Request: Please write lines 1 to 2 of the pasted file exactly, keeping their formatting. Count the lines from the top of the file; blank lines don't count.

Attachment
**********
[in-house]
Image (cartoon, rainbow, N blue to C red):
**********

[in-house]
Image (cartoon, rainbow, N blue to C red):